Med Student Mentor: Learning Spanish for Medical PracticeJun 23, 2015
Many people take language classes at some point in their life, but there’s a big difference between passing required language tests and being proficient in a language in a working environment. Dr. David Gontrum is a physician who speaks Spanish every day in his clinic. In this podcast, he talks about the best way to learn Spanish and other foreign languages. He shares his experience with how, even after many years of speaking a language, some words can still get lost in translation—and that’s okay.
Interviewer: Learning Spanish as a second language and applying it to your medical practice, next on The Scope Radio.
Announcer: Navigating your way through med school can be tough. Wouldn't it be great if you had a mentor to help you out? Well, whether you're first year or fourth year, we got you covered. The Med Student Mentor is on The Scope.
Interviewer: Many of us have had language education at some point in our life, however there's a big difference between passing a required language class, and being proficient in that language. Today we're here with Dr. David Gontrum, a family practitioner who works at the Oquirrh View Community Health Clinic. Dr. Gontrum has been working in this clinic for over 15 years and uses Spanish every day to communicate with his patients. How did you learn Spanish?
Dr. Gontrum: I learned Spanish the only way people can learn a language and that is by an immersive program. After the end of my first year of medical school and not knowing how to count to 10 in Spanish, my wife and I took our honeymoon and spent the whole summer down in Central America. We showed up off the plane, literally not knowing how to ask directions, or count, or ask the price of anything and threw ourselves into five weeks of an immersion language program.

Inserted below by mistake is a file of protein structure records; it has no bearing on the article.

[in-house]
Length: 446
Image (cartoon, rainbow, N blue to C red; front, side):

In Central America, many other Spanish speaking countries, in Mexico, in South America, there's an opportunity to study Spanish with just one or two other students five, six, seven hours a day and live with a family. Through my multiple failed attempts to learn other languages, I've come to the conclusion this is the only way you can gain any remote proficiency in speaking a language. There are very affordable and frankly quite fun opportunities to do immersion Spanish and I think anyone can do it with a reasonable ability in language.
Interviewer: If I go to spring break in Cancun, is that going to help my Spanish?
Dr. Gontrum: Unfortunately I'd probably say no, as I don't think you'd have the opportunity to . . . If you were in Cancun, remember that that's essentially a resort area, which is not a great area to learn Spanish. However, if you were to go into Wahaka or the Guatemalan Highlands and take a one week, six, seven hour a day language class and stay with the family, you could make great progress in a week.
Interviewer: I'm pretty much an adult at this point in my life, or at least I'm told. Is it too late for me to learn to speak Spanish?
Dr. Gontrum: Definitely not, I'd encourage you to look around at some of my partners who didn't speak a word of Spanish as our clinic evolved to more and more of a Hispanic and Spanish speaking population that we serve. They did it as well and they learned on the job essentially. There is an incredible opportunity to learn Spanish quickly, here in this hemisphere, with a short plane ride to Mexico, Guatemala, or El Salvador. Any of the Central American countries.